Hall explains that a number of Kansas State University bread wheat varieties are grown experimentally in Virginia and used for crosses to develop Virginia Tech varieties that will be more compatible to Virginia growing conditions. One critical factor in growing bread wheat in Virginia is keeping protein levels high.

A number of these varieties are tagged VA06HRW lines and several offer promise as future bread wheat varieties for Virginia growers. At the top of the class is VA06HRW-49. This breeding line was released as a new bread wheat variety by Virginia Tech in March of 2010.

In 2009, it had a statewide yield average of 74 bushels per acre and good bread wheat score of 5. It is a mid-season variety and moderately resistant to fusarium head blight. Its one downside is susceptibility to stripe rust. “This is one, we’re excited about and think it has a future for Virginia growers,” Hall says.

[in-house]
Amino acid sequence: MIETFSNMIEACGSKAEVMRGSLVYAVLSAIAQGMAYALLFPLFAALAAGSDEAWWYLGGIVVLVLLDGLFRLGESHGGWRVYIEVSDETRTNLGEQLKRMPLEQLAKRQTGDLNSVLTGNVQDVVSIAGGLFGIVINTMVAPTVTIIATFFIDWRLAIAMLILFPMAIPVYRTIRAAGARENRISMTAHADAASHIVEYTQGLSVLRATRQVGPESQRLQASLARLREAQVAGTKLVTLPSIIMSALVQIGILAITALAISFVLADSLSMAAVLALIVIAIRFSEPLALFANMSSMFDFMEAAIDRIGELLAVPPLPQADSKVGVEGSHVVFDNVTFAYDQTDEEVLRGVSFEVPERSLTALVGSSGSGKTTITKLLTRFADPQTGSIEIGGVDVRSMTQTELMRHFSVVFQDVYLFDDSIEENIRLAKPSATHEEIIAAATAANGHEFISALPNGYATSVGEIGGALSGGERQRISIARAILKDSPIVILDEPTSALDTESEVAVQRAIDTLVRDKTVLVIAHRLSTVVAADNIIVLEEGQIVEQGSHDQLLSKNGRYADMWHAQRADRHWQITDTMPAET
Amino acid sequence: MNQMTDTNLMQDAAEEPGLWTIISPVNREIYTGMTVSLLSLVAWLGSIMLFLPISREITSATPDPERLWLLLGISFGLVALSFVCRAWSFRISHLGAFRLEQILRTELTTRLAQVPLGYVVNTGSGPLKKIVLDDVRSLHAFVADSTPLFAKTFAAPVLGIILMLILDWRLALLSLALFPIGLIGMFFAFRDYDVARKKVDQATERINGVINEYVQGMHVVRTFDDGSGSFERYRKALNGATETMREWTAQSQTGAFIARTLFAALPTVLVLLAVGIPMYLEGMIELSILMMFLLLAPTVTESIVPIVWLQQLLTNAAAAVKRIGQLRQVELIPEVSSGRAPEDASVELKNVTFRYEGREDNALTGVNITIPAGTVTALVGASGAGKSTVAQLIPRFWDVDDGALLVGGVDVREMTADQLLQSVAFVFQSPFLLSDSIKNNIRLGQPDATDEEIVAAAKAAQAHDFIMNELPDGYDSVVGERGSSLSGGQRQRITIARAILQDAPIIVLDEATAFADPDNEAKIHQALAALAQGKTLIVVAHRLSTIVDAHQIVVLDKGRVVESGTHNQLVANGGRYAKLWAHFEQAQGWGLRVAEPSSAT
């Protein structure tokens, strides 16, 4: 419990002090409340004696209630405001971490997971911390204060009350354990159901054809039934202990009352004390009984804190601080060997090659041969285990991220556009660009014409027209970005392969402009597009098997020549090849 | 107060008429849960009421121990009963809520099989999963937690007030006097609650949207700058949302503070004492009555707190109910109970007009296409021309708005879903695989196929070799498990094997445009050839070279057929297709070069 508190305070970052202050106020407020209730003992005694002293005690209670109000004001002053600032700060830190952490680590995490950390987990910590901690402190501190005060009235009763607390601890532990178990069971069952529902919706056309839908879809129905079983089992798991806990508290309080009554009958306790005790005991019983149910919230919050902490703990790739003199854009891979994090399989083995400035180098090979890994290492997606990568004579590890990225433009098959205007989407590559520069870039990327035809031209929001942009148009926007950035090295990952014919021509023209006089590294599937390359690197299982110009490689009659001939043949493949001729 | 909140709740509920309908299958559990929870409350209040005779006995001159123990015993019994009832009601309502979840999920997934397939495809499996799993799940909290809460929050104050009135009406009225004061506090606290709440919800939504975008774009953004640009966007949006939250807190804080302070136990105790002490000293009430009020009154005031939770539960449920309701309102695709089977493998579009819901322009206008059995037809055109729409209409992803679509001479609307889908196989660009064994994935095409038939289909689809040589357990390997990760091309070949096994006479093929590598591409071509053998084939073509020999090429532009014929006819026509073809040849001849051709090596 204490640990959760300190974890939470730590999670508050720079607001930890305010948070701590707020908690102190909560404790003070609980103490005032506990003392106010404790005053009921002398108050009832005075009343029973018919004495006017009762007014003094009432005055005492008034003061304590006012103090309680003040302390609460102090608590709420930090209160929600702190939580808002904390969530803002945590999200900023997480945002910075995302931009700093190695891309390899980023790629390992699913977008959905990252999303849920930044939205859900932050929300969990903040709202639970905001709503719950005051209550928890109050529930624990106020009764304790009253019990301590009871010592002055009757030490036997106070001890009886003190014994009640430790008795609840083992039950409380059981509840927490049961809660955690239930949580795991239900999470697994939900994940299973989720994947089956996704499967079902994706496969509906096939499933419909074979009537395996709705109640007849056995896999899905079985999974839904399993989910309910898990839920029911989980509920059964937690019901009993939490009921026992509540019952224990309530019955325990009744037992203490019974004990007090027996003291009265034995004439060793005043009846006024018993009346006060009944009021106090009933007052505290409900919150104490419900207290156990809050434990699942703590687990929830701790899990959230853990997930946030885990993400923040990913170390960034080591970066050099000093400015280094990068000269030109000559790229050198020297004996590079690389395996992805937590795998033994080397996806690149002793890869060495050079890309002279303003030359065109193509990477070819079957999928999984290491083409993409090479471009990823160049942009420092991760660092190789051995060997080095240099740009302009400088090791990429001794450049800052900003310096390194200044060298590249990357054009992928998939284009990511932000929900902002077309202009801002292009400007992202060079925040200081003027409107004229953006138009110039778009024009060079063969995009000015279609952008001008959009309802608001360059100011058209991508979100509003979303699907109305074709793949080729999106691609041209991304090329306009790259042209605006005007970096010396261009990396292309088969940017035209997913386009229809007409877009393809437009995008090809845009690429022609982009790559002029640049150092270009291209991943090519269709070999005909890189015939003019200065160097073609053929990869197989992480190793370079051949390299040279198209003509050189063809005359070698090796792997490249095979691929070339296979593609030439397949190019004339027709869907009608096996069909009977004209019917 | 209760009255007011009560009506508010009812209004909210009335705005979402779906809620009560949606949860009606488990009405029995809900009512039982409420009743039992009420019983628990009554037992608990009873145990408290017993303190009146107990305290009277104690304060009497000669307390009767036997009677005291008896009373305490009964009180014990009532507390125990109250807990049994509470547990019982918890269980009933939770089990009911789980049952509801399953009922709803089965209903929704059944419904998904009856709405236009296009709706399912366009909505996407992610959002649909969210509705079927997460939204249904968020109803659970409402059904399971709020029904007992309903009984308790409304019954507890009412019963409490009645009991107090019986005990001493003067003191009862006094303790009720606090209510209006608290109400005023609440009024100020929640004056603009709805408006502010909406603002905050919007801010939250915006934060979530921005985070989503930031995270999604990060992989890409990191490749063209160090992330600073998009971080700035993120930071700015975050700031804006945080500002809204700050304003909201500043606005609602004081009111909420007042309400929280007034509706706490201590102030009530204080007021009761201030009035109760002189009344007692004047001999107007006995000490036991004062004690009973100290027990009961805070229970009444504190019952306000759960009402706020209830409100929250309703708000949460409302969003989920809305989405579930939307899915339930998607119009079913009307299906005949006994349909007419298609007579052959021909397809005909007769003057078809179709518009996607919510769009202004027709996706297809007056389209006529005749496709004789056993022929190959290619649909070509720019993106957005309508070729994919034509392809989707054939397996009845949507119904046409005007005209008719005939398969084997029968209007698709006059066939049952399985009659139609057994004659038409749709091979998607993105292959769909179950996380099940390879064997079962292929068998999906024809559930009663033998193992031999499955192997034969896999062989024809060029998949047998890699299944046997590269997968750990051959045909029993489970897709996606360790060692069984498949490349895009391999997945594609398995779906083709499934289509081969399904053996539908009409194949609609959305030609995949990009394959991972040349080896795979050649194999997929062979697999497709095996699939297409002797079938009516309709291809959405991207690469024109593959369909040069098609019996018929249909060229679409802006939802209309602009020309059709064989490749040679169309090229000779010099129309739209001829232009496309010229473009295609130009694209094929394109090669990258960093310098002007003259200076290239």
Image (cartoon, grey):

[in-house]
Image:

VA06HRW-66 is also near the top of the class and also was released in 2010 as a variety by Virginia Tech.  In 2009, it had excellent flour yields in Virginia tests, but performed exceptionally well in more northern states.

VA06HRW-3 is a cross with a Kansas State variety. Yields for this variety are encouraging — 72 bushels per acre in 2009 testing. It also had a bread score of 5. A potential problem for this variety is its high susceptibility to fusarium head blight.

Another breeding line, VA06HRW-19, is an early maturing variety, with a heading date of 121. In 2009 tests, it had an average yield of 65 bushels per acre and a bread wheat score of 5. It is a cross with Soissons and is only moderately susceptible to fusarium head blight.

VA06HRW-30 is another early maturing line with Soissons in its pedigree. Yields in 2009 were good — 75 bushels per acre and some resistance to fusarium head blight. The problem with this variety, is a lower than desired bread wheat score of 3.5.

Hall notes that several varieties in the 2007 and 2008 class offer some additional bread wheat variety possibilities for Virginia growers in the next few years.

“It seems when we get a good yielding variety, the trade-off is bread wheat scores. We have several of these newer varieties that have topped 80 bushels per acre, but the bread wheat scores come back low,” she says.